Canadian House, where the aid workers lived, was often visited by American soldiers and officials, whose callous attitudes and actions, particularly towards civilians, sickened Culhane. A helicopter pilot joked about zooming in repeatedly on farmers to make them scurry until he could “kill them off”. Culhane also became increasingly aware of the conflicted relationship between her country’s aid effort and U.S. military activity. In Vietnam, Canadians relied on American infrastructure support (Culhane herself was flown from Saigon to Quang Ngai on an Air America plane, run by the CIA). She stated: “Although the assignment was designated as an independent, Canadian humanitarian project, it soon became evident that one could not function separate and apart from the war which was all about us”. She was also devastated to discover that the confidential records system she had set up for her hospital was repeatedly compromised by the head of the Canadian medical aid team, who liberally shared patient information with American embassy officials.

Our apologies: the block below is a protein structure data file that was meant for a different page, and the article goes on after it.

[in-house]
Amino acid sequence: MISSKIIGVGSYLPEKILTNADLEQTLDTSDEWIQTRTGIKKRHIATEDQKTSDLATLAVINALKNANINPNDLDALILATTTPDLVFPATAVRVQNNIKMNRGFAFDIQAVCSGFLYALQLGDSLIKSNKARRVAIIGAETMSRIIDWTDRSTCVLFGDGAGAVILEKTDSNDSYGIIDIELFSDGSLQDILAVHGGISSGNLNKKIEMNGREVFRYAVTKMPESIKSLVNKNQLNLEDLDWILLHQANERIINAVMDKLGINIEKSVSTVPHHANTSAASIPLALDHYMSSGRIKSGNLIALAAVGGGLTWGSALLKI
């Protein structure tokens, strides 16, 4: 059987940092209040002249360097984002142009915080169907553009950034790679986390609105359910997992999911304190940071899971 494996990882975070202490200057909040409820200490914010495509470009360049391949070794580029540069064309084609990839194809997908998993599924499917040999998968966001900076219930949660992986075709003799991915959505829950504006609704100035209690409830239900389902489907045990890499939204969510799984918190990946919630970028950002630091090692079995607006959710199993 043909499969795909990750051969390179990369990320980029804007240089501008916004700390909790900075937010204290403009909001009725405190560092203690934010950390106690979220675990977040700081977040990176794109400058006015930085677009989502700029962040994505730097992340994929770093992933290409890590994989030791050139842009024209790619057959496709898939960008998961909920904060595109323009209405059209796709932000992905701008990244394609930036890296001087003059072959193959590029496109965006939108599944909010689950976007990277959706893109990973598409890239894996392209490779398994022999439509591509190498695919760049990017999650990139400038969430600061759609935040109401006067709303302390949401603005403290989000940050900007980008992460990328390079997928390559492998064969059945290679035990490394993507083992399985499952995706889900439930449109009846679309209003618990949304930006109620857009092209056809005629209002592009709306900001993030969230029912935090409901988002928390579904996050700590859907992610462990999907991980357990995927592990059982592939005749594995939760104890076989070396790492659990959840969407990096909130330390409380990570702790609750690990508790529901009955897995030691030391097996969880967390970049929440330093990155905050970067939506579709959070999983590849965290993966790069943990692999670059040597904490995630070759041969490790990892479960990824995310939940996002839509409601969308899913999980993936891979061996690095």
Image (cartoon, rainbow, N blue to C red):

Dramatic events took place during the ferocious attacks of the Tet Offensive in February 1968. In spite of efforts to protect the hospital, it became a military target when South Vietnamese soldiers began using it as a base. The hospital had to be closed and Culhane campaigned to have patients moved to an empty ward in the provincial hospital. The hospital’s director refused the proposal. Broken-hearted and furious, Culhane and the staff readied the reluctant patients as best they could and sent them home, knowing that for many, ‘home’ no longer existed. After discovering evidence of further collaboration between some Canadian aid officials and the CIA, Culhane concluded that her presence and that of her colleagues was detrimental to the country they were supposedly assisting. She left Vietnam on 29 February 1968.